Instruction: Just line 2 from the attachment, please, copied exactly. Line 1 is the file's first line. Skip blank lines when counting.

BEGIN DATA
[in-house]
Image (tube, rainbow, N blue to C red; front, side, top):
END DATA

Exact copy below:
Image (tube, rainbow, N blue to C red; front, side, top):